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Re: Mice given bat-like forelimbs through gene switch



----- Original Message -----
From: "Tim Williams" <twilliams_alpha@hotmail.com>
Sent: Sunday, January 20, 2008 11:16 PM

Most prokaryote (bacteria + archaea) taxonomy is quantitative, and based on the degree of similarity (sequence homology) of the 16S rRNA gene.

So there are still molecular biologists who call similarity "homology"... no, people. No. That's not what homology means.


Prokaryote taxonomy does follow a clade system to some degree. Classification is based on the sequence homology of the 16S rRNA genes.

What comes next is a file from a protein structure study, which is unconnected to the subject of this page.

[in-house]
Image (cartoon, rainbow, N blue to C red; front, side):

So it's phenetic, not cladistic. Is that what you want to say?

Aside from that, the concept of 'clade' doesn't really hold for bacteria and archaea, given the propensity of interspecific gene transfer.

Oh, lateral gene transfer doesn't make the concept inapplicable. It merely complicates the issue: clades are no longer either nested or mutually exclusive.


Even the PhyloCode deals with this: Note 2.1.3 http://www.ohiou.edu/phylocode/art1-3.html, Article 16 http://www.ohiou.edu/phylocode/art16.html... hey, wait. I thought there was a statement that lateral gene transfer does not constitute hybridization?